This chapter does some more theoretical work. This is important, academically speaking, because my work takes a position mid-way between distinct approaches from US and European scholarship on social movements. Within the European strand of work, one of the most important things going on from the mid-1960s was the development of a politics of protest that seemed more concerned with new identities than with the more obviously materialist politics of labour movements. But, recent protests against the economic effects of globalisation pose a problem for that way of thinking – aren’t the recent struggles really about the distribution of goods and money?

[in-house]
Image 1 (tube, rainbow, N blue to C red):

With this question in mind this chapter explores the recent history of protest. I describe some of the links between the anti-/alter-globalisation struggles, the attempts to create positive alternatives in the social forums, and the incredible eruption of protest around the war on terror. In this way I introduce the specific subject of study for the remainder of the thesis. That is, as well as trying to understand the way ideas are used and structured within social movements I’m trying to understand the specific story of recent protest against globalisation and war. By looking at the different versions of the history of recent protest found within the movements themselves, I also give an introduction to some of the differences between the three sets of ideas (the three ‘orientational frames’) described later.